We awoke the next day to a tasty brunch buffet at the Hyatt. Rice porridge is the most basic staple of any Chinese breakfast. Steamed buns and some dim sum. Pickled vegetables. Fried udon and bread pudding, not so much. But I wanted to try everything and fill up before we were out all day, possibly without breaks for food!
My mom took me to Lingyin Temple, 靈隐寺, which is literally translated as “Temple of the Soul’s Retreat”. It wasn’t hard to see why it’s one of the largest and wealthiest Buddhist temples in China. Our ticket was USD$16 each! Pretty ridiculous. There were also solicitors everywhere, trying to get you to go to their gift shops and to spend more money. Lingyin Temple wasn’t much like traditional Buddhist temples, which emphasize being low-key. This temple was incredibly commercialized.
But we were here to see the Feilai Feng ‘飞来峰’, a most famous grotto of religious rock carvings. Feilai Feng gets its name from a legend that holds that the peak was originally from India but flew to Hangzhou within a single night, to demonstrate the omnipotence of Buddhist law. Comical Engrish translation on the left. While sometimes the Shinto and Buddhist temples in Japan could get a little busy, Lingyin temple was a sea of people. Everyone rammed into each other, scrambling to get a good view of the Buddha statues and competing to get the remaining sticks of incense. Smoke carpeted the atmosphere. Nevertheless, it was an experience.
We visited the 大雄宝殿 [da xiong bao dian], or Grand Hall of the Great Sage. The building houses Shakyamuni, or better-known as Siddhartha (the Buddha). Shakyamuni is the largest wooden Buddhist statue in China. Over a hundred Buddhist personalities are depicted on the walls of the hall, along with inscriptions of Journey to the West (西遊記 xi you ji), one of the greatest pieces of Chinese literature.
After about two hours of suffocatingly smoky air and body heat, my mom and I broke away from the crowds of Lingyin to go to Santan Yin Yue 三潭印月, or “Three Pools Mirroring the Moon”. Santan Yin Yue is a small island in the middle of Xi Hu that encloses three small pagodas arranged in a triangle in the water. Each pagoda has holes carved into it, where lamps or candles can be placed. These beams of lights reflect on the water through the holes.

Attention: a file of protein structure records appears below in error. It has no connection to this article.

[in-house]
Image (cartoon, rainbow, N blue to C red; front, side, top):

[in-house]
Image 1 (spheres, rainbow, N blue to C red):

But to be honest, I think I was more into the peacocks on the island than the architecture. When we passed a booth selling lotus root powder, which is made from 蓮藕 [lian ou], or lotus root, my mom insisted on getting a bowl since you supposedly can’t get high-quality lotus root powder outside of XiHu. Ou-feng is essentially like corn starch, except that it’s drunk as a dessert soup using just the powder, hot water, sugar, and 桂圓 [gui yuan], or longan flowers. Pretty delicious, and supposedly quite healthy for you according to Chinese medicine!
Then it was time for dinner! 外婆家 [Wai Po Jia], or Grandma’s House, is a relatively well-known restaurant in Hangzhou. Even though we went for an early dinner, around 5:30pm, there was already a line outside the restaruant. Luckily the restaurant has about 3 floors, so it was a short wait before we were escorted to our table. Wai Po Jia is loved for the range of local foods it provides: foods that are had to find anywhere else.
One of these dishes was 冬虫夏草 [dong chong xia cao], more formally known as Cordyceps Sinesis. Real cordyceps sinesis is an incredibly rare and precious herb; a fungus that parasitizes larvae of ghost moths and produces a fruiting body. The vegetable dish is named after this herb because the vegetable looks like a winter worm, or 冬虫.
We also ordered the very traditional Shangainese dish, 烤麩 [kao fu], braised wheat gluten. It’s a cold dish that comes with braised bamboo shoots, black woodear, and sometimes shiitake mushrooms. On top of that, we had pumpkin chips, 煎饼 [jian bing] or fried Chinese crepes, and some mustard green rice soup. Rice soup differs from congee in that it isn’t boiled until it becomes mushy viscous; it’s cooked only until the grains are, and then taken and boiled (shortly) with soup and vegetables before serving. Our last dish was the stinky tofu stewed in a sour and hot pickle broth.
Definitely recommend Grandma’s House if you’re in XiHu. The food is well-priced, comes in large portions, and tastes just like homemade food. 🙂
The address for the branch in XiHu is:
6-1 Ma Cheng Lu, Xihu District